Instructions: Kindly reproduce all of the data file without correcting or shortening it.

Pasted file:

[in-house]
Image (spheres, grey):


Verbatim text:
[in-house]
Image (spheres, grey):